The Cowboy Imports a Bride (Page 7)

The Cowboy Imports a Bride (Cowboys of Chance Creek #3)(7)
Author: Cora Seton

Rob shrugged. "What’s the point? Ranching doesn’t require a degree." A new soreness pained his heart. He could have won any of those scholarships they handed out in his high school. Could’ve been the valedictorian, probably. But Mathesons didn’t get straight A’s. He’d learned that soon enough.

"So you want to be a rancher?"

"What else is there?"

This time Joe did turn his head. "Everything. There’s a whole world out there."

A whole world. If that was true, why did he feel so hemmed in? His entire life took place on one ranch, in the confines of his family, trussed up in their opinions of right and wrong. Suddenly he longed to be out on the highway again, striding away. "I’ve got no idea what I’d be if I wasn’t a rancher."

Joe stood up. "You, of all the people in this congregation, can be whatever you want to be. My own father used to say that children are the only ones who show their true colors." He shrugged. "Try being the man you wanted to be when you were five. You might find it suits you best. I’ll leave you to your thoughts. The Man Upstairs might have a few things he’d like to add to my lecture."

The preacher made his way forward, past the pulpit and into the small room behind it. Probably getting things set for Sunday, Rob thought as he shifted on the hard seat.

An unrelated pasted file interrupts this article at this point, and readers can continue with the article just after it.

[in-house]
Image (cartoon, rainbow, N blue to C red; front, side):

The man he wanted to be at five?

Who was that?

* * * * *

"Are you bringing a guest on Saturday?" Duncan’s grating voice cut through Morgan’s thoughts. She was in the distillery room, checking the huge vats of aging wine, her first job every morning when she came to work.

"Yes." No. She hadn’t found a date yet.

"I’m taking Anne Goodman." He pretended to read the gauges on the nearest vat, but she caught him slide a look her way. Anne was considered a fine catch. Rich and beautiful.

"That’s nice." She moved away, but not before she saw a triumphant smile cross Duncan’s face. He must have guessed she didn’t have a date. Since she’d rebuffed his advances several times, he’d taken every opportunity to show her what a mistake she’d made.

He’d also taken every opportunity to block her at work, interfering with every task, bossing her around, and generally being a pain in her ass. She knew what he was trying to say – if she wanted to get any further ahead at Cassidy’s, she’d better sleep with him.

No way. She wasn’t going to sleep with anyone again until she was married. She’d be damned if she repeated her mother’s mistakes. She’d had a close call once a few years back that opened her eyes to how easy it would be to find herself pregnant and unmarried – like her mother had been with her. She would never subject a child to the life she’d led while she was growing up, not even if it meant staying celibate for years. Sure, this was the twenty-first century, and most of the stigma about being born to an unwed mother was gone, but when that mother went on and had a new family and left you behind – you didn’t need stigma to feel as worthy as a piece of yesterday’s trash.

"I would rather have gone with you," he said, sidling up to her and touching her arm. "You know I’d like to spend a lot more time with you."